[Python-Dev] Re: Sets: elt in dict, lst.include
Wed, 31 Jan 2001 09:14:15 -0800 (PST)
On Wed, 31 Jan 2001, Skip Montanaro wrote:
> Ping> x is sequence-like if it provides __getitem__() but not keys()
> So why does this barf?
> >>> .__getitem__
I was describing how to tell if instances are sequence-like. Before
we get to make that judgement, first we have to look at the C method
x is sequence-like if it has tp_as_sequence;
all instances have tp_as_sequence;
an instance is sequence-like if it has __getitem__() but not keys()
x is mapping-like if it has tp_as_mapping;
all instances have tp_as_mapping;
an instance is mapping-like if it has both __getitem__() and keys()
The "in" operator is implemented this way.
x customizes "in" if it has sq_contains;
all instances have sq_contains;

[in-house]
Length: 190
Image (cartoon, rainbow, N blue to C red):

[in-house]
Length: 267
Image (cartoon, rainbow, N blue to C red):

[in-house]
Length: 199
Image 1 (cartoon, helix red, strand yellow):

an instance customizes "in" if it has __contains__()
If sq_contains is missing, or if an instance has no __contains__ method,
we supply the default behaviour by comparing the operand to each member
of x in turn. This default behaviour is implemented twice: once in
PyObject_Contains, and once in instance_contains.
So i proposed this same structure for sq_iter and __iter__.
x customizes "for ... in x" if it has sq_iter;
all instances have sq_iter;
an instance customizes "in" if it has __iter__()
If sq_iter is missing, or if an instance has no __iter__ method,
we supply the default behaviour by calling PyObject_GetItem on x
and incrementing the index until IndexError.
"The only `intuitive' interface is the nipple. After that, it's all learned."
-- Bruce Ediger, on user interfaces